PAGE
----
Benchmarks, Evaluation And Final Analysis
Test Bench Hardware
|Test System Configuration|
|Hard Drive||Samsung 470 Series MZ-5PA256, 256 GB SSD|
|Sound||Integrated HD Audio|
|Network||Integrated Gigabit Networking|
|Power||Antec HCP-1200: ATX12V v2.3, EPS12V, 80 PLUS Gold|
|Graphics||AMD Catalyst 14.4|
|Chipset||Intel INF 184.108.40.2069|
|Battlefield 4||Version 220.127.116.11, DirectX 11, 100-sec. Fraps "Tashgar" Test Set 1: Medium Quality Preset, No AA, 4X AF, SSAO Test Set 2: Ultra Quality Preset, 4X MSAA, 16X AF, HBAO|
|Grid 2||Version 18.104.22.16879, Direct X 11, Built-in Benchmark Test Set 1: High Quality, No AA Test Set 2: Ultra Quality, 8x MSAA|
|Arma 3||Version 1.08.113494, 30-Sec. Fraps "Infantry Showcase" Test Set 1: Standard Preset, No AA, Standard AF Test Set 2: Ultra Preset, 8x FSAA, Ultra AF|
|Far Cry 3||V. 1.04, DirectX 11, 50-sec. Fraps "Amanaki Outpost" Test Set 1: High Quality, No AA, Standard ATC, SSAO Test Set 2: Ultra Quality, 4x MSAA, Enhanced ATC, HDAO|
|Adobe Creative Suite|
|Adobe After Effects CC||Version 22.214.171.1244: Create Video which includes 3 Streams, 210 Frames, Render Multiple Frames Simultaneosly|
|Adobe Photoshop CC||Version 14.0 x64: Filter 15.7MB TIF Image: Radial Blur, Shape Blur, Median, Polar Coordinates|
|Adobe Premeire Pro CC||Version 7.0.0 (342), 6.61 GB MXF Project to H.264 to H.264 Blu-ray, Output 1920x1080, Maximum Quality|
|iTunes||Version 126.96.36.199 x64: Audio CD (Terminator II SE), 53 minutes, default AAC format|
|Lame MP3||Version 3.98.3: Audio CD "Terminator II SE", 53 min, convert WAV to MP3 audio format, Command: -b 160 --nores (160 kb/s)|
|Handbrake CLI||Version: 0.99: Video from Canon Eos 7D (1920x1080, 25 FPS) 1 Minutes 22 Seconds Audio: PCM-S16, 48000 Hz, 2-Channel, to Video: AVC1 Audio: AAC (High Profile)|
|TotalCodeStudio 2.5||Version: 188.8.131.5277: MPEG-2 to H.264, MainConcept H.264/AVC Codec, 28 sec HDTV 1920x1080 (MPEG-2), Audio: MPEG-2 (44.1 kHz, 2 Channel, 16-Bit, 224 kb/s), Codec: H.264 Pro, Mode: PAL 50i (25 FPS), Profile: H.264 BD HDMV|
|ABBYY FineReader||Version 10.0.102.95: Read PDF save to Doc, Source: Political Economy (J. Broadhurst 1842) 111 Pages|
|Adobe Acrobat 11||Version 184.108.40.2069: Print PDF from 115 Page PowerPoint, 128-bit RC4 Encryption|
|Autodesk 3ds Max 2013||Version 15.0 x64: Space Flyby Mentalray, 248 Frames, 1440x1080|
|Blender||Version: 2.68A, Cycles Engine, Syntax blender -b thg.blend -f 1, 1920x1080, 8x Anti-Aliasing, Render THG.blend frame 1|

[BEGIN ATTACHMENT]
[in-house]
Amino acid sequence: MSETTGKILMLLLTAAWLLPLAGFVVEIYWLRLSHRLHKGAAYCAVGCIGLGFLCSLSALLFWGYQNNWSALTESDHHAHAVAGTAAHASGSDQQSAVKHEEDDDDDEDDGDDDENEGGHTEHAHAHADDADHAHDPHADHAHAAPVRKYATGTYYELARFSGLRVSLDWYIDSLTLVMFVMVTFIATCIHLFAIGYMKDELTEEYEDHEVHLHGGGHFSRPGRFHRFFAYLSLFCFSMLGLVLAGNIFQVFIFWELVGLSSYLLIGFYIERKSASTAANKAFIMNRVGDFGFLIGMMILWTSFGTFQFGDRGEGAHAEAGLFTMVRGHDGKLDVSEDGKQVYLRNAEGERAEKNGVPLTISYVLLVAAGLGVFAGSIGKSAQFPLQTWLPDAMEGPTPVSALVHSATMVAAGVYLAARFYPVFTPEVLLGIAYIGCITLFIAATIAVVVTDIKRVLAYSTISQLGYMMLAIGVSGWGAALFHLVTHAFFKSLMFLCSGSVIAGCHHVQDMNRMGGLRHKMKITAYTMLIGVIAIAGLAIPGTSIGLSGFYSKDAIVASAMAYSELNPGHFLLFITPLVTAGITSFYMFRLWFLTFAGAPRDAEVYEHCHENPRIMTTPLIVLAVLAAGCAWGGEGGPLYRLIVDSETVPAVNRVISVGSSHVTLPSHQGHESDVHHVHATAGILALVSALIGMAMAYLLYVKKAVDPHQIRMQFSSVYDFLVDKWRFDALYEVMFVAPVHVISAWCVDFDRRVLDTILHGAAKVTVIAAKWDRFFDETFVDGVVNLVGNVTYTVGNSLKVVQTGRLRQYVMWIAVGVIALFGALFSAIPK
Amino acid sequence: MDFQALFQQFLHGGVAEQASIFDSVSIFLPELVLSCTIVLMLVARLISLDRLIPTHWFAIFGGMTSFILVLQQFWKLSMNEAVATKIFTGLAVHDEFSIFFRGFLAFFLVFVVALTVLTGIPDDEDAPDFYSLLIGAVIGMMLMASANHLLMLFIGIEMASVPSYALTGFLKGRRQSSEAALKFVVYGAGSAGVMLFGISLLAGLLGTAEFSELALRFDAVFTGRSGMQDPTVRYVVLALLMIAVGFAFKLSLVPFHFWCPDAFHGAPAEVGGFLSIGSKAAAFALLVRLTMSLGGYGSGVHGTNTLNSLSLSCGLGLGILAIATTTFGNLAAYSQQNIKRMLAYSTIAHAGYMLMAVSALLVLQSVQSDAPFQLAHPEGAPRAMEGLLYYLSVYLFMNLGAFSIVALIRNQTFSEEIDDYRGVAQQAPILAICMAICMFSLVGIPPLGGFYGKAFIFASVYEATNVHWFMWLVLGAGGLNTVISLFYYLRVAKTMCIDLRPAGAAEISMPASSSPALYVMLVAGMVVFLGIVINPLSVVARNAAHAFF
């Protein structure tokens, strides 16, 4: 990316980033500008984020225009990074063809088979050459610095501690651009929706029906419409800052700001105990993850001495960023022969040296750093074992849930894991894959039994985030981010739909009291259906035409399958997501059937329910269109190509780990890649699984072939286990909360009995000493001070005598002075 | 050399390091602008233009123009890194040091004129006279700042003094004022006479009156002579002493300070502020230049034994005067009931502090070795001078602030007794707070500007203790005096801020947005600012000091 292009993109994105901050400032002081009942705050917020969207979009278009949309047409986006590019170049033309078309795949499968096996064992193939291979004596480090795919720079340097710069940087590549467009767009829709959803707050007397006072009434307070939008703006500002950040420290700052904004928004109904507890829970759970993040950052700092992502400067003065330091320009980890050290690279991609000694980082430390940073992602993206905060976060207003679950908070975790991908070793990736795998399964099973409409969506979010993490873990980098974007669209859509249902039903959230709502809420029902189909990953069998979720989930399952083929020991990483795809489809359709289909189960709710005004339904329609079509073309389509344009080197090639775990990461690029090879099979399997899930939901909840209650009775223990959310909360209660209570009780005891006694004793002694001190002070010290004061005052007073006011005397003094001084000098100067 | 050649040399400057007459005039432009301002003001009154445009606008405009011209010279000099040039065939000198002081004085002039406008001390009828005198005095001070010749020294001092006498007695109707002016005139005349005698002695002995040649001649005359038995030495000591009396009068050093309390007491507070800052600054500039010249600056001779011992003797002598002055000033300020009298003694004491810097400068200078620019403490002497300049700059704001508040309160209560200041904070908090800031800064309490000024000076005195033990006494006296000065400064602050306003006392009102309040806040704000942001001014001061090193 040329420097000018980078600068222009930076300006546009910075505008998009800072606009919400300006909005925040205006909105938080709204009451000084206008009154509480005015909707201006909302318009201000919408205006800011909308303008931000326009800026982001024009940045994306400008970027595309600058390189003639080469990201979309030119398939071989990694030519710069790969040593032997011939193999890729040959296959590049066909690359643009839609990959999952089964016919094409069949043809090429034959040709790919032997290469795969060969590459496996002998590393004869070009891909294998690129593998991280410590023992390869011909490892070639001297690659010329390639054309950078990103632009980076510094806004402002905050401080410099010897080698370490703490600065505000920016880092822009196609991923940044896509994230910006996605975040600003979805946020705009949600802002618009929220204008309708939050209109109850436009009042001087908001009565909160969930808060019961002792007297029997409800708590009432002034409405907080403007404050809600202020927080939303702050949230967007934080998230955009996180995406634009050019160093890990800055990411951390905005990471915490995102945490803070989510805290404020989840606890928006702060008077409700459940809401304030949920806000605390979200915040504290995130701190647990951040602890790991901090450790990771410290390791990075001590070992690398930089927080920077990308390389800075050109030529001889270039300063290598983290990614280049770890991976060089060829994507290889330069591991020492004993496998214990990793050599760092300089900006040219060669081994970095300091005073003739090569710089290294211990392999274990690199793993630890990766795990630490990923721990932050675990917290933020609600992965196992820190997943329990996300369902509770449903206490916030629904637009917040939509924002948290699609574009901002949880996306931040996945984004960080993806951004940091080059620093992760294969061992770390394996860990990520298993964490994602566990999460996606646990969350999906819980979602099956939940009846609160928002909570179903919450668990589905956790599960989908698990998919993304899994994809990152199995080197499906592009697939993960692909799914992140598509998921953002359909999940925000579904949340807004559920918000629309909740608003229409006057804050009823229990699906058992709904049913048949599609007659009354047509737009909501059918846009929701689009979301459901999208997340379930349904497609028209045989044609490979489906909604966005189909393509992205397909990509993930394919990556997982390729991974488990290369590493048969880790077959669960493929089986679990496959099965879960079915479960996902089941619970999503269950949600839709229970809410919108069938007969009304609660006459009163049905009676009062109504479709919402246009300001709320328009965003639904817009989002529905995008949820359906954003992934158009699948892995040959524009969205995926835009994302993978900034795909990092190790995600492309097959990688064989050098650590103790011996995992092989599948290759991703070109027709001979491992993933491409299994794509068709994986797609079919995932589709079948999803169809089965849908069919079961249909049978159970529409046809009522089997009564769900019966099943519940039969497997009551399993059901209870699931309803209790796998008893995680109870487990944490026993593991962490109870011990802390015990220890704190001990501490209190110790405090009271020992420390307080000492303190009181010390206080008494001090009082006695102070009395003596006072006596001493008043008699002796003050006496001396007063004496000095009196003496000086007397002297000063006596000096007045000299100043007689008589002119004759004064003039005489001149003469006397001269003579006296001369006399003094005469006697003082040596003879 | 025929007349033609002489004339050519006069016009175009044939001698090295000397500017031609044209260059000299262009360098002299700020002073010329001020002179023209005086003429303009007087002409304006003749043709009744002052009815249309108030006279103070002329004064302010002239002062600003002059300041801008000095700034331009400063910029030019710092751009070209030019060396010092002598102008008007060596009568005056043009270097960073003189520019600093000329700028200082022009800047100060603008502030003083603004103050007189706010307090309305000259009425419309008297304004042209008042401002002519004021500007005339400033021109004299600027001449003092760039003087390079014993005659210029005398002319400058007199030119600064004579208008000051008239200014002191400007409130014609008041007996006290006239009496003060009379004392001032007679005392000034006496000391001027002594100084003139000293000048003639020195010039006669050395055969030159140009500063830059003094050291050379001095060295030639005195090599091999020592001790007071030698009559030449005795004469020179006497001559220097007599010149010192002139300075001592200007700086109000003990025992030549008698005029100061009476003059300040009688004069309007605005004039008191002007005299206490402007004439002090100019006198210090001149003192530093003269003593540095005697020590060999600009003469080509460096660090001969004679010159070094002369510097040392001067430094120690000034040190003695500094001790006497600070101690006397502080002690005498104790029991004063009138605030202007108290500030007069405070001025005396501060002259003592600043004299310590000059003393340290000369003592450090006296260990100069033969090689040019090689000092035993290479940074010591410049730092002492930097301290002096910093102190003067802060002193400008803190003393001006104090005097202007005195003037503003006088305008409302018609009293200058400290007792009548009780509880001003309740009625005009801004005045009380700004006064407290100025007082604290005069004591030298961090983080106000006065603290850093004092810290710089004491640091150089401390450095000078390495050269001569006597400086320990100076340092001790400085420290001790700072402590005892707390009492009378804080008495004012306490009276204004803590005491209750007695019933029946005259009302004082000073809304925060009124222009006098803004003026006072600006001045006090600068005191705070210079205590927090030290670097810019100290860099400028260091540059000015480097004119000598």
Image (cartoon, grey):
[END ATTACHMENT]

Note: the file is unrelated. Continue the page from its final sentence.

|Visual Studio 2010||Version 10.0, Compile Google Chrome, Scripted|
|WinZip||Version 18.0 Pro: THG-Workload (1.3 GB) to ZIP, command line switches "-a -ez -p -r"|
|WinRAR||Version 5.0: THG-Workload (1.3 GB) to RAR, command line switches "winrar a -r -m3"|
|7-Zip||Version 9.30 alpha (64-bit): THG-Workload (1.3 GB) to .7z, command line switches "a -t7z -r -m0=LZMA2 -mx=5"|
|Synthetic Benchmarks and Settings|
|3DMark 11||Version: 220.127.116.11, Benchmark Only|
|3DMark Professional||Version: 18.104.22.168 (64-bit), Fire Strike Benchmark|
|PCMark 8||Version: 1.0.0 x64, Full Test|
|SiSoftware Sandra||Version 2014.02.20.10, CPU Test = CPU Arithmetic / Multimedia / Cryptography, Memory Bandwidth Benchmarks|
Each board is set to stock clocks, Speed Step and energy saving features are enabled and the CPU fan is set to maximum. I use Windows default "Performance" power option preset for everything except idle power consumption where it gets set to "Balanced."
We're looking for oddities in the bench scores. Boring benchmarks are good benchmarks for motherboards. Dramatic score leads are due to motherboards cheating with hidden clock boosts while a board lagging behind is usually a configuration conflict.
The Godlike demonstrates consistency with our past X99 boards, showing no hidden tweaks or overclocks are happening behind the scenes in our Futuremark suite.
A slight lead in Sandra's multimedia section might seem something's off. The lead is rather small and isn't shown other places that it's insignificant. MSI's boards have shown a penchant for good RAM performance in the past and the Godlike doesn't disappoint, blowing past the ASRock boards and almost upending Asus' model.